POSTED: 01:30 a.m. HST, Oct 22, 2010
Forty-six years ago the cure for lackluster achievement and wasted money was to directly elect school board members, taking the school board appointment power away from the governor.
Here we sit, being asked to decide that this bold experiment in democracy is a failure.
Just a few years ago, we were told that the only way to fix our public schools was if community members got more involved. Now the new thing is to get us uninformed meddlers out of the mix and have the governor use the board appointments as patronage. They'll take our empty beer cans for HI-5 recycling, but they don't want us to vote because we aren't sophisticated enough to pick good people.
How insulting. They say it's about accountability, but what they mean is we're too stupid to tell Pamela Young from TV Pamela Young and Larry Price from radio Larry Price.
Here's something to worry about: If Neil Abercrombie is governor, who is he going to appoint to the board? A bunch of idea-heavy, real-world-light retired professors he's known since back in the day and Democratic Party die-hards who move from one state job to another, as if sewers, tourism and public schools are pretty much the same thing?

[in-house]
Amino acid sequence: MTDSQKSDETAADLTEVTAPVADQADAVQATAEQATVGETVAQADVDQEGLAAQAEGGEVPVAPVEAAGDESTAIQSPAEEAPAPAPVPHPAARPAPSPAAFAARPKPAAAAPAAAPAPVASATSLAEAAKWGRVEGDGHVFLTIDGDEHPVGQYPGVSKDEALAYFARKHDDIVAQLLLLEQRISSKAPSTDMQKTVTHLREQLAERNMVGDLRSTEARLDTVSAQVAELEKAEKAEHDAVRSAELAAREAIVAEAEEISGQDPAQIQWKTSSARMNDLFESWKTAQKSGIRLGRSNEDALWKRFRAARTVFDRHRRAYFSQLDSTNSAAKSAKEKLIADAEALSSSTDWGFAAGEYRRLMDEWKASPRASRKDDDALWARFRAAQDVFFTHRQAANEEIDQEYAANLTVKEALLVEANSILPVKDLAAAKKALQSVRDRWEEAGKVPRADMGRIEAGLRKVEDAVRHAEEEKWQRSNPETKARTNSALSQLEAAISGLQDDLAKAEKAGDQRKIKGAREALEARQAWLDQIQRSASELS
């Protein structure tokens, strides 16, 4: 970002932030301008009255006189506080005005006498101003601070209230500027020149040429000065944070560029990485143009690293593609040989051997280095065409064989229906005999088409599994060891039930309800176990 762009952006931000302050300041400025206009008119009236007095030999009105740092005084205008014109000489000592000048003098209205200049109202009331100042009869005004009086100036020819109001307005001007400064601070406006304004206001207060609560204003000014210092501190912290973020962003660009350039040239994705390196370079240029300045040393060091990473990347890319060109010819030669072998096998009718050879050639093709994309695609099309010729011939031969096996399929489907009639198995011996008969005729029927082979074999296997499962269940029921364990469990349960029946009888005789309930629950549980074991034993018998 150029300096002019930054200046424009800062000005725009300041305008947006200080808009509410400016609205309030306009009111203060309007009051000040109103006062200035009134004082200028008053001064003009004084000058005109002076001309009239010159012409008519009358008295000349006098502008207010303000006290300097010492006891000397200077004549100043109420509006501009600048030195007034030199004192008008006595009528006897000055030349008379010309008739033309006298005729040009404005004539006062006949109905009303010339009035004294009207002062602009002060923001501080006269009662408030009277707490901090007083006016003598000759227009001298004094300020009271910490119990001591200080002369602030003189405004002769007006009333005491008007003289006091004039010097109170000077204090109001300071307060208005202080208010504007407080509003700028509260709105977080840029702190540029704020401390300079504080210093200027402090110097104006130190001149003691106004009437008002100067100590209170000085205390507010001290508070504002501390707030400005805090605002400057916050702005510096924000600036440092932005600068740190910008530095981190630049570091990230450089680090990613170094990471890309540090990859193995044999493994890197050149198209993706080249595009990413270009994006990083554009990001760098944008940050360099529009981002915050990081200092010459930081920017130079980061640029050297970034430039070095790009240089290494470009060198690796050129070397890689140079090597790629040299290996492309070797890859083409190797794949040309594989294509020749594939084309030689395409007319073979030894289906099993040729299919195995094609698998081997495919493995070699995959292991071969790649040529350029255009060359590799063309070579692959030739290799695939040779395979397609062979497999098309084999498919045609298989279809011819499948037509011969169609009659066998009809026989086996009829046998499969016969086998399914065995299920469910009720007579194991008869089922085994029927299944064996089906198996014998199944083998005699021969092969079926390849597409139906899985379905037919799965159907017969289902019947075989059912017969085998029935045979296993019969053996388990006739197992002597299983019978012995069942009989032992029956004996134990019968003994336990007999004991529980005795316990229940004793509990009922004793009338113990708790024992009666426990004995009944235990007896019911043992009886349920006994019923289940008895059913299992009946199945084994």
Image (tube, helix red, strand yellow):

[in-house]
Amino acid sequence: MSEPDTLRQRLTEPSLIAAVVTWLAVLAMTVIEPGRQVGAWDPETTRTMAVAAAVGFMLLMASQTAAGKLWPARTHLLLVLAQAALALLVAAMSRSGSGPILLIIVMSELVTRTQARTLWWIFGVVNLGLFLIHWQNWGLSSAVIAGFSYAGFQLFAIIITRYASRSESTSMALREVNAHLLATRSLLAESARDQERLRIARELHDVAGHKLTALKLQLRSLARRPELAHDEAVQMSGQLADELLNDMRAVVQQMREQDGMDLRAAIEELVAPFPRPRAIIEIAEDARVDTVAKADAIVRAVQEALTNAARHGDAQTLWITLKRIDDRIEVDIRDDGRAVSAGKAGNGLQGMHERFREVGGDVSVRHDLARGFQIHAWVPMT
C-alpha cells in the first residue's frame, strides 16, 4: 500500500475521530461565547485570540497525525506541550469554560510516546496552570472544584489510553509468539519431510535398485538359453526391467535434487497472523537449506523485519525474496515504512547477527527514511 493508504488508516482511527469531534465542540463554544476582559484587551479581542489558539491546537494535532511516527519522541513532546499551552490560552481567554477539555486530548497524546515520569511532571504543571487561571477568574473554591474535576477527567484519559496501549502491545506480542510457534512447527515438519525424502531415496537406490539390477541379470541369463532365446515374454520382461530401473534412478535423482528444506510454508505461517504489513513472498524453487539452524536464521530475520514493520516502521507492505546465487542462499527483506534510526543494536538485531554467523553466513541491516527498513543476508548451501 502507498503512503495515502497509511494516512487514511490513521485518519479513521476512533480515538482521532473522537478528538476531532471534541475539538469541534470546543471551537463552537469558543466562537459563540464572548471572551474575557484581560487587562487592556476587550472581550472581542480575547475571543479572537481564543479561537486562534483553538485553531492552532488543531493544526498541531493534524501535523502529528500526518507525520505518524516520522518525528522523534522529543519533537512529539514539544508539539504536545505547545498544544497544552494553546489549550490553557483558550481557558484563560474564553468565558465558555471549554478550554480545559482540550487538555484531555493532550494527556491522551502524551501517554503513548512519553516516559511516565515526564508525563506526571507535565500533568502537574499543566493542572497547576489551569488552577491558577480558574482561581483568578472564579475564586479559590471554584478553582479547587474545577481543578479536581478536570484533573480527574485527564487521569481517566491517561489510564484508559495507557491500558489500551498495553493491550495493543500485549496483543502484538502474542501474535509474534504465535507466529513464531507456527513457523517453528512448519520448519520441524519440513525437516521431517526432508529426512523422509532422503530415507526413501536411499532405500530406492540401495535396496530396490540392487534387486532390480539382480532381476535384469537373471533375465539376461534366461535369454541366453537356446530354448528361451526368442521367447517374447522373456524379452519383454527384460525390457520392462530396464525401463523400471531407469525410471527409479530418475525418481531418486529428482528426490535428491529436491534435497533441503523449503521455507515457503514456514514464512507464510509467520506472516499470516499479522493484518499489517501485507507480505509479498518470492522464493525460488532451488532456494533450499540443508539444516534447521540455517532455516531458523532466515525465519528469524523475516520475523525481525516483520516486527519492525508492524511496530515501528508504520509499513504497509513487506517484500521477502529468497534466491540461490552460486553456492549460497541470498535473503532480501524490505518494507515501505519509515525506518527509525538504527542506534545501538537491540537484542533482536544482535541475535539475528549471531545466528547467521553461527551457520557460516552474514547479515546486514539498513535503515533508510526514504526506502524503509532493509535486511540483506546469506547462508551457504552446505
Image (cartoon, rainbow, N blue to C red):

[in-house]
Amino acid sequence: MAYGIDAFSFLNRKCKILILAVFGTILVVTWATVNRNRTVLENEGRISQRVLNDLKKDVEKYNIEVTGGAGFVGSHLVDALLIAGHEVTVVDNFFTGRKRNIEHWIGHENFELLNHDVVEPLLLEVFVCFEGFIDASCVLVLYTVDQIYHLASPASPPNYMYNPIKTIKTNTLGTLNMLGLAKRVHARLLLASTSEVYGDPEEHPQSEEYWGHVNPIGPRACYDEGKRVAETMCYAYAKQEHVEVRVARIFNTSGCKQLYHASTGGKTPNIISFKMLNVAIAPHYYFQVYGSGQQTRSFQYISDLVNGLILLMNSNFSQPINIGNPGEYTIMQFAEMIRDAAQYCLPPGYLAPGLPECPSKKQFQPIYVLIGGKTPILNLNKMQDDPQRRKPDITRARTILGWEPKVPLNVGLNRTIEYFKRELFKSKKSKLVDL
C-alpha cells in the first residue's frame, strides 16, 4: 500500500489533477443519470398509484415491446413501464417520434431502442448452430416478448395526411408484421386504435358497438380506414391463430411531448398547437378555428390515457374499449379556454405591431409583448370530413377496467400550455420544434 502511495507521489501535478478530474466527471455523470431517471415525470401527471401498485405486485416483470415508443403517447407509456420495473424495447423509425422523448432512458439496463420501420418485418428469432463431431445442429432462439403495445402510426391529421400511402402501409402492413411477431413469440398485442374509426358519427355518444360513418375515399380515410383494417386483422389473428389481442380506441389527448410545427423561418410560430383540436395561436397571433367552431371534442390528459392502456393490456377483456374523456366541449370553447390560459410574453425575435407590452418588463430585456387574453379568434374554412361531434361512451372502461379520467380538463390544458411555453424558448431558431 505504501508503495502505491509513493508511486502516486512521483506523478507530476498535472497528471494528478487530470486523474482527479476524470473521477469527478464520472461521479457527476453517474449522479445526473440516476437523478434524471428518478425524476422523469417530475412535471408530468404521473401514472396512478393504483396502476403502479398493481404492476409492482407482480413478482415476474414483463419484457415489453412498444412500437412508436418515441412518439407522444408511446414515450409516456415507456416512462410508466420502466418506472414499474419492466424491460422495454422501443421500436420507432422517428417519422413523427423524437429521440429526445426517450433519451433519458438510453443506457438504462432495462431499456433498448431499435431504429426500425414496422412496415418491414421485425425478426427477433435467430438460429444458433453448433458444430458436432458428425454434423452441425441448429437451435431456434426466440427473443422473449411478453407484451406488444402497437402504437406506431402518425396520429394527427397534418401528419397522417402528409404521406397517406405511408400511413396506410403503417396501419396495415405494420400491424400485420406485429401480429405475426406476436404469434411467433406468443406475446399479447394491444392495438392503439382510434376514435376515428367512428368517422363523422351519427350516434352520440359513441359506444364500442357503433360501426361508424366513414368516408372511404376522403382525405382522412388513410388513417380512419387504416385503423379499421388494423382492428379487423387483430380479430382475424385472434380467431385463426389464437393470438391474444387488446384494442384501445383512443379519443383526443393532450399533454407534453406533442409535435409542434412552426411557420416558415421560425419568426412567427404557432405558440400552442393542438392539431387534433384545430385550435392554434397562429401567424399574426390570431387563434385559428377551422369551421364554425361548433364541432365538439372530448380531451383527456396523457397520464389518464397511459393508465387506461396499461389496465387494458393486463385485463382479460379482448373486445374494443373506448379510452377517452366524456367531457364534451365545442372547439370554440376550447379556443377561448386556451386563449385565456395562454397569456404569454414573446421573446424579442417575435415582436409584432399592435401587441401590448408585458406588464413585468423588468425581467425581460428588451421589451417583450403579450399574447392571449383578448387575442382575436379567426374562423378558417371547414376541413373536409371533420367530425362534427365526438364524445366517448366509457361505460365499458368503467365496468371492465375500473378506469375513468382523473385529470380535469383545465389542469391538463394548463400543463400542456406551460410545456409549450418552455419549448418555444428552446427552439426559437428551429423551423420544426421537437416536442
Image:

If Duke Aiona becomes governor, who is he going to appoint? The pool of Republican usuals is much smaller but no less tiresome. Are they going to get tangled up in extraneous issues like flu shots and flag poles and banning "Catcher in the Rye"?
The University of Hawaii Board of Regents is appointed by the governor, and though they've been quiet in recent years, it wasn't long ago a teeming mess of political machinations. Hardly an example to emulate.
One of the reasons put forward for having a school board appointed by the governor is last year's firestorm of protests over Furlough Fridays and the shame of Hawaii having the shortest school year in the country. The argument goes that with an appointed school board, Furlough Fridays would have never happened. Let's not forget that Gov. Linda Lingle was right at the center of Furlough Fridays, signing off on the agreement with the teachers and digging in when parents and protesters staged a sit-in in her office. If she had appointed the Board of Education, her appointees would likely have done her bidding, and the situation would have played out just as it did -- badly.
Elected versus appointed school boards? The problem with Hawaii schools won't be solved by changing the way people are picked to sit in the oversize chairs in that upstairs meeting room on Punchbowl Street. The problems are much closer to the ground.